A hunting competition in New Zealand has faced backlash for inviting children to kill as many feral cats as possible for a cash prize.
An annual hunt is organised by The North Canterbury Hunting Competition, where hundreds of entrants - adults and children - compete to kill wild pigs, deer and hares.
A new category was suggested this year encouraging children under 14 to hunt feral cats for a $250 prize, but it was soon cancelled after outcry from animal welfare groups.
Though young entrants were told not to kill pets, New Zealand's Society for the Prevention of Cruelty in Canterbury took to social media to condemn the plan, saying: "It’s not possible to tell the difference between a feral, stray or frightened domestic cat based on appearance, so there is a good chance someone’s pet may be killed during this event."
They continued on Facebook: "In addition, children often use air rifles in these sorts of event which increase the likelihood of pain and distress, and can cause a prolonged death."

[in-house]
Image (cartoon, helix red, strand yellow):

The North Canterbury Hunting Competition also released a statement on Facebook after receiving "some vile & inappropriate messages" and to remind people of the competition's charitable intentions for the local Rotherham School.
"Unfortunately, there have been some vile & inappropriate emails and messages sent to the school and others involved – we are incredibly disappointed in this reaction and would like to clarify that this competition is an independent community run event," the statement read.
"Please remember we are a group of volunteers who are trying to raise money for our local school and pool.
"This fundraising effort is critical in aiding the local school to employ a board funded third teacher and gives our local community and kids greater opportunities."
The volume of feral cats is considered a widespread issue in New Zealand as they continue to decimate local wildlife.
They feed on rabbits, birds and bird eggs, rats, hares, bats, lizards, mice, and more.
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